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Backing up DVDs to Hard Drive

Posted: Sun Mar 27, 2016 4:02 pm
by MDK
A majority of my DVD collection comprises VT programmes. If these DVDs are backed up/ transferred to an external hard drive, would they retain their VT look when played back from the hard drive on a TV set, or would they have a filmised look? Or does it depend on the transfer format?

Any advice welcome!

Re: Backing up DVDs to Hard Drive

Posted: Sun Mar 27, 2016 6:17 pm
by drmih
If you just want to archive them then you could make copies to the hard disc. However, if you want the content to watch and stream, the dvd native resolution is MPEG2, so you can just rip off the episodes or whatever in that form without any re-encoding. MPEG2 is a bit bloated now, with MP4 or MKV the newer formats, so I assume if you match the frame rate etc of the MPEG2 and encode to say MP4, the output should be similar.

Re: Backing up DVDs to Hard Drive

Posted: Mon Apr 04, 2016 4:20 am
by The Black Nun
If you rip them straight to hard drive as VIDEO_TS folders then, yes, they will play back exactly like a dvd with no degradation. But not all media players can play them back with the dvd menu. WD players for example CANNOT and are useless for that purpose. My Seagate one does but they stopped making them. Can't speak for fire tv and all those other ones around now. Sony bluray players can via the usb slot, not sure about other brands. You can't use the usb connection on your tv either.

Converting to mp4 will only retain the video look if you encode using the "bob" function where it is converted to 50fps. Normal mp4 encoding will filmize it. Frankly though you'd be mad to convert dvds to mp4. It takes FOREVER, you lose quality and hard drive space is so cheap now there's no point.

You will also need to check the settings of the media/bluray player to make sure the output is set to 1080i 50hz. Sometimes they are set by default to 1080p 60hz which will filmize and degrade the picture.

Re: Backing up DVDs to Hard Drive

Posted: Mon Apr 04, 2016 8:57 am
by Simon Coward
The Black Nun wrote:Converting to mp4 will only retain the video look if you encode using the "bob" function where it is converted to 50fps. Normal mp4 encoding will filmize it.
Why would that be the case?

Certainly, if you were playing back 25fps MP4s on a computer monitor/laptop screen they'll most likely look filmised because the monitor/screen won't support interlacing. But with a television, would it (or an attached media player) automatically play MP4 files as progressive regardless of their encoding?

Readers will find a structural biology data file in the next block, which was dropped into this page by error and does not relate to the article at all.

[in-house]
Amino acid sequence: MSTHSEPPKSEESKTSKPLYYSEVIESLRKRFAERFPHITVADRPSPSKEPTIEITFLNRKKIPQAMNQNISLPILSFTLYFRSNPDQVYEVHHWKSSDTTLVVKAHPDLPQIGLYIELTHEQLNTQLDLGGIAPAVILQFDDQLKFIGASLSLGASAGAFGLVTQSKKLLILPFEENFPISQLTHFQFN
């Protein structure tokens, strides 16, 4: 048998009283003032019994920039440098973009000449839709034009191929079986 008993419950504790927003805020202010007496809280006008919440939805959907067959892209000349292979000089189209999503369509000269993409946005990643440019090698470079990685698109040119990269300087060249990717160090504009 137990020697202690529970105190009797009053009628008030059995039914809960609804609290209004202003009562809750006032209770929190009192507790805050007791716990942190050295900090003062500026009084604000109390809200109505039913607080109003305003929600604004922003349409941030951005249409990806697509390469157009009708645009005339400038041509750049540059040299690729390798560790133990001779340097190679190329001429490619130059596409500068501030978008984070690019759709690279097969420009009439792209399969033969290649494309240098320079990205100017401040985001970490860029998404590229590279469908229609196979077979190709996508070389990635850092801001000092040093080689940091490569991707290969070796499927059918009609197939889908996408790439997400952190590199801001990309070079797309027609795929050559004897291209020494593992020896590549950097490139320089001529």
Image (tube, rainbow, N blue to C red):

Re: Backing up DVDs to Hard Drive

Posted: Mon Apr 04, 2016 10:02 am
by drmih
The Black Nun wrote:If you rip them straight to hard drive as VIDEO_TS folders then, yes, they will play back exactly like a dvd with no degradation. But not all media players can play them back with the dvd menu. WD players for example CANNOT and are useless for that purpose. My Seagate one does but they stopped making them. Can't speak for fire tv and all those other ones around now. Sony bluray players can via the usb slot, not sure about other brands. You can't use the usb connection on your tv either.
There are plenty of free utilities which will extract the files from the VIDEO_TS directory and save them as .mpg (.mpeg) files without re-encoding, and I've not seen a media player which won't handle them - they're nearly the default. The advantage of this is that quite often, if your dvd contains episodes, they are all lumped together into one VTS set, accessed by pointers from the menu. If you rip them individually, you no longer have to worry about being able to read the dvd file pointers.

Re: Backing up DVDs to Hard Drive

Posted: Wed Apr 06, 2016 3:56 am
by Bodie
drmih wrote:if your dvd contains episodes, they are all lumped together into one VTS set, accessed by pointers from the menu. If you rip them individually, you no longer have to worry about being able to read the dvd file pointers.
I'm always surprised when I look at some discs and find that they contain single files for each episode of a show and also a large file stringing all the episodes together as well. Is there a good reason for this? It always makes me think someone somewhere didn't know how to implement "play all" and "select an episode" without having different files to point the menu options at. Other discs seem to provide both choices without the need for the big "all in one" file.

Re: Backing up DVDs to Hard Drive

Posted: Wed Apr 06, 2016 8:33 am
by Bernie
Maybe they just use whatever authoring software they have and do whatever's easiest. I've used about four and they are all that bit different. I must admit that if it's on the DVD and it plays that's good enough for me, but then I'm not doing it professionally.

B

Re: Backing up DVDs to Hard Drive

Posted: Wed Apr 06, 2016 9:22 am
by drmih